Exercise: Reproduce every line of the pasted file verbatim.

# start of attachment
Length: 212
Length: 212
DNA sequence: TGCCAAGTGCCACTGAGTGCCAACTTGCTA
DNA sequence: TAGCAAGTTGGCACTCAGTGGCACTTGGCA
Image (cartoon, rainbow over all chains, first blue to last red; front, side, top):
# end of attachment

Length: 212
Length: 212
DNA sequence: TGCCAAGTGCCACTGAGTGCCAACTTGCTA
DNA sequence: TAGCAAGTTGGCACTCAGTGGCACTTGGCA
Image (cartoon, rainbow over all chains, first blue to last red; front, side, top):